WASHINGTON, D.C. — NextGen (the Next Generation Air Transportation System) is running into problems, causing delays, which mean the program might not be fully operational before the half-century-old radar-based system is scheduled to be replaced. Seven government agencies and offices are involved with the FAA in developing NextGen. The House Subcommittee on Aviation recently held its fourth hearing to see how well this group is working together to make the transition from radar to a satellite-based program. The findings? Mixed reviews, with most pointing to poor leadership, funding problems, a lack of coordination between agencies, and not including controllers and users in the decision making.
On the positive side, there is success in some areas, like ADS-B (Automatic Dependent Surveillance-Broadcast). But many problems need to be resolved. For instance, problems discovered when the first step of the program was tried at Salt Lake City included no acceptable way to hand off a flight from one controller to the next, radar processing failures, and key information being assigned to the wrong aircraft. The FAA has been spending $14 million a month trying to resolve these and other problems. Also, the FAA has yet to make certain key decisions about NextGen, such as how much responsibility can or should be delegated to pilots.
Another sticking point: The inability of various agencies to share the costs of the modernized air traffic control system. A Joint Planning and Development Office (JPDO) within the FAA was established by Congressional action to get the agencies working together. Those agencies include the Department Of Transportation, Department of Defense, Department of Commerce, Department of Homeland Security, National Aeronautics and Space Administration, and the White House Office of Science and Technology.
The JPDO has met “infrequently,” Dr. George Dillingham of the Government Accountability Office told committee members. In fact, since it was established in 2003, the JPDO has met only four times.
These agencies must share information for NextGen to work and the FAA has not yet defined what each agency’s role is to be, meaning agencies aren’t able to budget or to even agree if they are willing or able to accept a specified role, he reported.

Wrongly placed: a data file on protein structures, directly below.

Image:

A panel of witnesses told the committee there has been a lack of leadership and frequent turnovers in personnel, adding to the difficulties. Dr. Karlin Toner, current director of JPDO, has been in the position only two months. She is the fourth person to hold that position.
Until recently, responsibility for NextGen was spread throughout the FAA. Now, Turner reports directly to the acting associate administrator, another temporary appointment. Confirmation of a nominee to fill that position is held up in the Senate.
Dillingham cited another issue that developers of NextGen have not tackled. He declared there is no plan for new runways, without which other parts of the program will not be effective. By 2030 the FAA estimates the number of passengers carried by airlines will increase 75% over 2009 and operations at the nation’s 35 busiest airports will increase 60%. Without more runways — or more airports — the system will not be able to use the advantages of NextGen, continuing the arguments over who can use the airspace.
In his opening statement, Rep. Tom Petri (R-Wis.), ranking member of the subcommittee, reminded others that some parts of the program are mired in environmental review processes mandated by Congress. These procedures, he said, “can take years and cost millions of dollars.”
Congress shares some of the blame for the NextGen problems, said Rep. James Oberstar (D-Minn.), who chairs the full Transportation and Infrastructure Committee, because of its failure to pass FAA reauthorization.
He expressed impatience with the FAA’s handling of the NextGen program, charging that the FAA has not learned how to handle multi-billion dollar programs. He promised his committee will keep the spotlight on the NextGen program and closed with the statement that the FAA “had damn well start doing something.”
Charles Spence is GAN’s Washington, D.C., correspondent.